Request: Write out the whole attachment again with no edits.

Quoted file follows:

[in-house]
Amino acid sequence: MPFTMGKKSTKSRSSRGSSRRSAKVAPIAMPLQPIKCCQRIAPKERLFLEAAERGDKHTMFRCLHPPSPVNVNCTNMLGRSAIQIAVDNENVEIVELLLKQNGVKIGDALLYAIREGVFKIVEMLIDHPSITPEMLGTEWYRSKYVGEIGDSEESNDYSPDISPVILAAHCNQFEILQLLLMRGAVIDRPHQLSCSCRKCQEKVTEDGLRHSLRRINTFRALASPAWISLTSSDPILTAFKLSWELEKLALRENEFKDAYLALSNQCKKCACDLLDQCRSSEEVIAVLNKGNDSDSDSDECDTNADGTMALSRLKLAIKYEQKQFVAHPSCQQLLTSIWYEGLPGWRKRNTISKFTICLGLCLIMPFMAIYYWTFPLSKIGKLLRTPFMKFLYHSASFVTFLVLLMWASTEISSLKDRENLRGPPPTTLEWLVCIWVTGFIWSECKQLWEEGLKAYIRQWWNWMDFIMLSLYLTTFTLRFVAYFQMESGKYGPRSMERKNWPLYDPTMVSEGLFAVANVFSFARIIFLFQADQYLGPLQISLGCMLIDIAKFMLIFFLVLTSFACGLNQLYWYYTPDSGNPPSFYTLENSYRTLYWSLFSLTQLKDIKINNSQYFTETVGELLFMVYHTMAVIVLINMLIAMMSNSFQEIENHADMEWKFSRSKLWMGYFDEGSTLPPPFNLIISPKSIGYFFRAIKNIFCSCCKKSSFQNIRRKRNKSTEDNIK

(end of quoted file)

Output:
[in-house]
Amino acid sequence: MPFTMGKKSTKSRSSRGSSRRSAKVAPIAMPLQPIKCCQRIAPKERLFLEAAERGDKHTMFRCLHPPSPVNVNCTNMLGRSAIQIAVDNENVEIVELLLKQNGVKIGDALLYAIREGVFKIVEMLIDHPSITPEMLGTEWYRSKYVGEIGDSEESNDYSPDISPVILAAHCNQFEILQLLLMRGAVIDRPHQLSCSCRKCQEKVTEDGLRHSLRRINTFRALASPAWISLTSSDPILTAFKLSWELEKLALRENEFKDAYLALSNQCKKCACDLLDQCRSSEEVIAVLNKGNDSDSDSDECDTNADGTMALSRLKLAIKYEQKQFVAHPSCQQLLTSIWYEGLPGWRKRNTISKFTICLGLCLIMPFMAIYYWTFPLSKIGKLLRTPFMKFLYHSASFVTFLVLLMWASTEISSLKDRENLRGPPPTTLEWLVCIWVTGFIWSECKQLWEEGLKAYIRQWWNWMDFIMLSLYLTTFTLRFVAYFQMESGKYGPRSMERKNWPLYDPTMVSEGLFAVANVFSFARIIFLFQADQYLGPLQISLGCMLIDIAKFMLIFFLVLTSFACGLNQLYWYYTPDSGNPPSFYTLENSYRTLYWSLFSLTQLKDIKINNSQYFTETVGELLFMVYHTMAVIVLINMLIAMMSNSFQEIENHADMEWKFSRSKLWMGYFDEGSTLPPPFNLIISPKSIGYFFRAIKNIFCSCCKKSSFQNIRRKRNKSTEDNIK